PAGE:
Bond Order

    The bond order is the number of covalent bonds in a chemical bond and the concept was introduced when we covered resonance structures.

    Table 4.6.1 Bond Lengths and Bond Dissociation Energies for Bonds with Different Bond Orders in Selected Gas-Phase Molecules at 298 K

    Compound Bond Order Bond Length (pm) Bond Dissociation Energy (kJ/mol) Compound Bond Order Bond Length (pm) Bond Dissociation Energy (kJ/mol)
    H3C–CH3 1 153.5 376 H3C–NH2 1 147.1 331
    H2C=CH2 2 133.9 728 H2C=NH 2 127.3 644
    HC≡CH 3 120.3 965 HC≡N 3 115.3 937
    H2N–NH2 1 144.9 275.3 H3C–OH 1 142.5 377
    HN=NH 2 125.2 456 H2C=O 2 120.8 732
    N≡N 3 109.8 945.3 O=C=O 2 116.0 799
    HO–OH 1 147.5 213 C≡O 3 112.8 1076.5
    O=O 2 120.7 498.4

    Bond Length

    A bond is not static but dynamic with the atoms undergoing the attractive and repulsive forces as described in the potential well (fig. 8.9.1), where the bottom of the well represents the equilibrium position of the oscillating atoms, which we call the bond length. Table 8.9.1 shows bond lengths for a variety of bonds. Please note that this particular table is in picometers (10-12), and that a common unit for bond length is the Angstrom Å (10-10), so for example, the O=O bond is 1.207 Å.

    Coulomb's law states that the bond energy is inversely related to the bond length (r), and so factors which influence a bond's strength influence its length. This can allow us to determine some trends in bond lengths.

    Some trends in bond lengths for homologous series (where one atom is constant and another is changed)

    • Bond length increases going down the periodic table. (smaller atoms make smaller bonds)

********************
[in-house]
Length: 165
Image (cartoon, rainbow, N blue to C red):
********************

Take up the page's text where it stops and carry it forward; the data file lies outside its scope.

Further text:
H-F < H-Cl < H-Br < H-I
    • Bond length decreases going across the periodic table. (smaller atoms make smaller bonds)
      C-C > C-N > C-O
    • For bonds between equivalent atoms, the greater bond order the shorter the bond length
      C\(\equiv \)C > C=C < C-C
      Thus the NO bond of Nitrate, (fig. 8.9.2) is greater than N-O and less than N=O

    Bond Dissociation Enthalpy

    The IUPAC definition for bond dissociation energy, D, is "the enthalpy (per mole) required to break a given bond of some specific molecular entity by homolysis, e.g. for \(CH_{4}\rightarrow \cdot CH_{3)} + H\cdot\), (IUPAC Gold Book) and the "mean bond energy" is "the average value of the gas phase bond dissociation energies (usually at a temperature of 298K) for all bonds of the same type within the same chemical species.

    Reaction D (kJ/mol)
    CH4(g) → CH3(g) + H(g) 439
    CH3(g) → CH2(g) + H(g) 462
    CH2(g) → CH(g) + H(g) 424
    CH(g) → C(g) + H(g) 338
    Table \(\PageIndex{2}\) Energies for the successive breakup of C-H bonds in methane Source: Data from CRC Handbook of Chemstry and Physics (2004)K.

    Average bond energies can be tabulated as in table \(\PageIndex{3}\) and it needs to be emphasized that these values are average energies. One uese of these tables is that you can determine the enthalpy of reaction if you know the structure of all species in a balanced chemical equation.

    \[ ΔH_{rxn} \approx \sum{\text{(bond energies of bonds broken)}}−\sum{\text{(bond energies of bonds formed)}}\]

    Single Bonds Multiple Bonds
    H–H 432 C–C 346 N–N ≈167 O–O ≈142 F–F 155 C=C 602
    H–C 411 C–Si 318 N–O 201 O–F 190 F–Cl 249 C≡C 835
    H–Si 318 C–N 305 N–F 283 O–Cl 218 F–Br 249 C=N 615
    H–N 386 C–O 358 N–Cl 313 O–Br 201 F–I 278 C≡N 887
    H–P ≈322 C–S 272 N–Br 243 O–I 201 Cl–Cl 240 C=O 749